Schiele, Magritte and Ghirri narrated by three students

It is never easy to compare oneself with the masterpieces of art, even less so when one decides to describe them from one’s own point of view. Three students from NABA in Milan tried it

It is a complex practice that ofekphrase, which may involve the description of a work of art not in an academic or didactic manner, but in a personal and very expressive manner. Students at the Critical Writing Course, Biennium in Visual Arts and Curatorial Studies of NABA in Milan challenged some sacred monsters from the last century.

Articles developed as part of the course Critical Writing, Biennium in Visual Arts and Curatorial Studies, NABA – New Academy of Fine Artsyear 2021/2022

1. EGON SCHIELE, NUDE YOUNG MAN LIES ON A DECORATED CARPET, 1908

Egon Schiele, Naked Boy Lying on Patterned Blanket, 1908

At first glance, he looks like anyone, without any remarkable story to tell.
The only flicker is that this time he is naked, free of frills. He is not dead, he is just lying on the cave of intimacy.
Immediately, the color of her hair and pubic hair emerge: apple green. Nothing but the clear and precise connotation of a boy of about eighteen looking for his confirmation in the adult world. In balance between two indefinite weights, between beat and upbeat, between silence and thunder.
Overwhelmed by his own enjoyment, he stands with his eyes closed, thinking of his short life. Despite having lived so few years, he is aware of how fleeting time is. It’s a recurring thought, it wears out his mind. If he does not retire to his fathers at least once a day, he cannot meet the next day.
That ruminating is good for him because the instinct we have inherited from animals is totally absent in him. It only takes a step forward when the foot knows where to land.
Even this pondering becomes yet another cause for reflection, and just when he can not stand it any longer, he undresses. It becomes a headless body in a few moments through masturbation, the act that precedes the total annihilation of emotions.
But first, it releases a dense series of images imbued with vulgarity lurking in the head. The gross perversions and the most hidden want elbow to triumph over each other. They accumulate violently, quickly, over and over again until they reach a peak of uncontrolled enjoyment. The release of dopamine and serotonin allows the body to get rid of all the stress and tension that has accumulated during the day. Only to take advantage of moments of pure apathy. Here is the reason for this daily practice: for a moment it floats over all the carnal of the world and immediately revel in the dependence on the loss of libido.
IS the enjoyment of stasissimply motionless limbs on a dark rug with contrasting patterns.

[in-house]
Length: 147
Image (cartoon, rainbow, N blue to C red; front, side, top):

Due to its harmony, it almost appears to be in front of the Mirones Discobolus at rest. An arch could be drawn, going from the left arm twisted behind the head to the dangling right foot; and another hose line originating from the opposite arm extending across the groin and following the bent leg up to the foot resting on the bed.
Although the center of the representation is his gender and the hand framing him, attention shifts to the lowered eyelids. That detail gives peace to the face, an apparent entanglement of nerves that seems to reflect the complex psychic landscape of the image.
The gold background does not allow us to imagine anything else about the context in which the subject lives. It could be the story of anyone, perhaps of an icon symbol of modernity, in the wake of the Byzantine masters. You could call it Egon Leo Adolfthird son of Adolf Eugen and Marie Schiele. He rediscovers the main stages of an ordinary everyday life: school failures, the rebirth in academia, the desire for support, the harassing relationship with women.
Will he ever be able to make a living from his art, which Viennese society considers corrupt, perverted and pornographic? His lifestyle and his unusual choices help to attract negative criticism, struggling in the contemporary panorama.
What it does is pure self-expression, an interest in personal psychic and spiritual processes, forgetting what nature has given. It’s all about melancholy, loneliness, despair, the mysteries of sexuality and death … just the story experienced.
Maybe that boy wants to leave Vienna very soon. This society abhors him. People are jealous of him, they are sneaky; the more mature colleagues look at him with hypocrisy. Everything is shadow in Vienna, the city is black, everything smells of intrusion. He wants to be alone and go to the Bohemian Forest.
But on this, dear naked young man lying on a decorated rug, you will think of tomorrow.

Federico Bianchini

2. RENÉ MAGRITTE, LIGETS RIGE, 1954

René Magritte, The Empire of Lights, 1954. Royal Museums of Fine Arts of Belgium, Brussels

My footsteps echo on the cobblestones on the sidewalk, the noise bounces between the walls of the houses and the sidewalk, then disappears into the void, the canal slowly flowing next to me reflecting the yellowish and warm light from the already lit streetlights.
From the open windows of the houses flanking the canal, muffled sounds come out, even from one of the music, distant, muffled, also scattered in the air. The sum of the privacy of a dozen people living close together, each isolated in their own home.